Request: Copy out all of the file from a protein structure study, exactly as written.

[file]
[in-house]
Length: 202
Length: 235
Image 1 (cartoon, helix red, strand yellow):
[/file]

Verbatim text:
[in-house]
Length: 202
Length: 235
Image 1 (cartoon, helix red, strand yellow):